I'll let someone who was actually there explain it. As usual, eyes on the ground are better than the talking heads back home.
"If we hadn't been to Iraq, we'd be really depressed right now. I came back, saw the news and thought, `Are they talking about the same Iraq?'" Is this, I wonder, because the media can only deal with Arabs as victims or terrorists? The IPO members don't think so. Rather, Yasser says, there are several reasons why the reporting from Iraq is stressing the negative over the positive. "First, buildings being bombed is a much better story than the formation of the Baghdad city council to clear up the rubbish and sort out the sewers. Angry Iraqis make a better story than hopeful Iraqis."
"Second, a lot of the media was openly anti-war, so now that there are hundreds of thousands of mass graves being opened up and all the evidence shows that the Iraqis supported [the war], the media are latching on to the few things, like the looting and, of course, the weapons issue - that was always a red herring - that seem to vindicate their position. And third - I know this sounds like a petty point, but it's very important - a lot of journalists are using the same guides and translators that they used before the war, because they know them. They don't seem to realise that those people were carefully selected by the regime because of their loyalty to Saddam's line. So most journalists are getting a totally distorted picture."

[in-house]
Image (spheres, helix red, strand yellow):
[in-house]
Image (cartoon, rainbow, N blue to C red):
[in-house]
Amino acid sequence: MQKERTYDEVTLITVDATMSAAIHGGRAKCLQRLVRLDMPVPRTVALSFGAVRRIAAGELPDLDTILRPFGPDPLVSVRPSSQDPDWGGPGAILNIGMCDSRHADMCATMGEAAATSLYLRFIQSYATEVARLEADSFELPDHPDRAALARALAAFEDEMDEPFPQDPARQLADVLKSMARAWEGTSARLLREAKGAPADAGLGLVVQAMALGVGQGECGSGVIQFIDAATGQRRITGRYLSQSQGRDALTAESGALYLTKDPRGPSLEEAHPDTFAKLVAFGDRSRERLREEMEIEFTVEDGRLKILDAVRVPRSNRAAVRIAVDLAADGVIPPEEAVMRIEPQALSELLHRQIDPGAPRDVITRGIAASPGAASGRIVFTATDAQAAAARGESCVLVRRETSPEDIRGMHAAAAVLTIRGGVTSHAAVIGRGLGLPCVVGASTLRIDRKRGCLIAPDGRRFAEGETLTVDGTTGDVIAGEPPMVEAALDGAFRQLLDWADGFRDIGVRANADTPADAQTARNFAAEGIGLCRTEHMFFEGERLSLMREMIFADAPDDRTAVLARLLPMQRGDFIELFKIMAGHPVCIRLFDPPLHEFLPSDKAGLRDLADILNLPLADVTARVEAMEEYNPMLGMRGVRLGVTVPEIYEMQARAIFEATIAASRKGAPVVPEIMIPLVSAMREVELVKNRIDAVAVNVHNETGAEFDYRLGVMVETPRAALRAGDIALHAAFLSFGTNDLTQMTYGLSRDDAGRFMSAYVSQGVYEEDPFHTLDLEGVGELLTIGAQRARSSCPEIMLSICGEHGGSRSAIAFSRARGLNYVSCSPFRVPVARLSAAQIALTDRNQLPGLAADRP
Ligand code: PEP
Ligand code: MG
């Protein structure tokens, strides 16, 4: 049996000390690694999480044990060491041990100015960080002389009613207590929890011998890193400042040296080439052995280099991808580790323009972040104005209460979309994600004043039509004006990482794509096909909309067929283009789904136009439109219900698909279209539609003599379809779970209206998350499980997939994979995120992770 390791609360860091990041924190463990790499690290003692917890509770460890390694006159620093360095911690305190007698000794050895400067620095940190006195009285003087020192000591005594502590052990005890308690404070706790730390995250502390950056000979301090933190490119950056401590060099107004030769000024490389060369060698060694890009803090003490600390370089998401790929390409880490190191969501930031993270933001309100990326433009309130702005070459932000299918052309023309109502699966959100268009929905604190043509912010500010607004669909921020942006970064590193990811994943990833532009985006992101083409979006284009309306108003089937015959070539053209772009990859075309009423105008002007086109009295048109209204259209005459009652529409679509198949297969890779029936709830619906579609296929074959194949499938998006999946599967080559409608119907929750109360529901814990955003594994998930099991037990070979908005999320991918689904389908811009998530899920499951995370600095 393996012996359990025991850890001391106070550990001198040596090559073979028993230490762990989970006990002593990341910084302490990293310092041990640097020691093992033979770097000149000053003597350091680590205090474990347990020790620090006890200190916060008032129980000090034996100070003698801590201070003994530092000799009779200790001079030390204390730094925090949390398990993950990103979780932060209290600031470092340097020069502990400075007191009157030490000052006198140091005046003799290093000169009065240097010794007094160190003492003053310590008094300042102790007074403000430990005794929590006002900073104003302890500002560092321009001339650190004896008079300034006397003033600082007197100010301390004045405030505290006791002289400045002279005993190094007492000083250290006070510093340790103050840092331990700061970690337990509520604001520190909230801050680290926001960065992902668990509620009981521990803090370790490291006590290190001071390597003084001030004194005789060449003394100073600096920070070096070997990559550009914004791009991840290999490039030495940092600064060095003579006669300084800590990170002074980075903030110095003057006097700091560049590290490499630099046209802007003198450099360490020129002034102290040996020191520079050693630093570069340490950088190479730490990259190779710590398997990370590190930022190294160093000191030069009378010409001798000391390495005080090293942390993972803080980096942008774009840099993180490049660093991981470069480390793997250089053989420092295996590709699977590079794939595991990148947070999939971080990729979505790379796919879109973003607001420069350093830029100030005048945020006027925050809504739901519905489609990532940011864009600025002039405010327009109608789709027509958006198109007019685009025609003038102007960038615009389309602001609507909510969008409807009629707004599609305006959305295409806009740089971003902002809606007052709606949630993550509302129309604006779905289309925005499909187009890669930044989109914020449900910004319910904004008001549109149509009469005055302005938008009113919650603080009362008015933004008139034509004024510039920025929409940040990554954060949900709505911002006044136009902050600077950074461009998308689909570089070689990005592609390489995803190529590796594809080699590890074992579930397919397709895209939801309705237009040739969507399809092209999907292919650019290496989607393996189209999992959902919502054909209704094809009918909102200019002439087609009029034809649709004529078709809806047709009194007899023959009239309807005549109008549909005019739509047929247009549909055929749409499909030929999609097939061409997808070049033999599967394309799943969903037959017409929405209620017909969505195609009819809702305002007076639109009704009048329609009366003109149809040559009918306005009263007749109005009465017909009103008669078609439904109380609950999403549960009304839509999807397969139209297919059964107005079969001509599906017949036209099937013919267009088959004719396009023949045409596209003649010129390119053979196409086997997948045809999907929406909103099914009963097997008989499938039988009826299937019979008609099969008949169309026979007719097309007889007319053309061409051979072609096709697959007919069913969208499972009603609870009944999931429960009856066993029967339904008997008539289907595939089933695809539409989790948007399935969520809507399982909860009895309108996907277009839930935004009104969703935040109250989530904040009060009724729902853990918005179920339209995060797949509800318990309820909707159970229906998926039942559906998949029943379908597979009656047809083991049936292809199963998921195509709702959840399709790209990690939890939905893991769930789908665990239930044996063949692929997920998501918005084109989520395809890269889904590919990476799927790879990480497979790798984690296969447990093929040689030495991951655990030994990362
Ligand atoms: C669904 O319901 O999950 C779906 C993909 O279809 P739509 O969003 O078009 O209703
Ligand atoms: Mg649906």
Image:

Yet another article that needs to be read, found through USS Clueless. Also found through USS Clueless is this site, featuring a question I have wanted to scream for a while now, but couldn't find the words.
While these people talk out of one side of their mouths about how important the UN is, they ignore the fact that this particular tyrant, unlike the others they seem to be so much more concerned about, had accrued seventeen UN Security Council resolutions against himself in the last twelve years, with UNSC Resolution 1441 giving Iraq "a final opportunity to comply with its disarmament obligations under relevant resolutions of the Council". If the UN is so important to these people, its words and judgements so sacred and lofty, why don't they think those judgements should be enforced? Why does the fact that Iraq failed to "cooperate immediately, unconditionally, and actively" with UNSC Resolution 1441, as said resolution demanded, not matter to these people?
Indeed! Which is it, Lefties? Is the UN important enough to enforce it's own resolutions, or does the UN carry so little weight that it's resolutions can and should be discarded and/or ignored?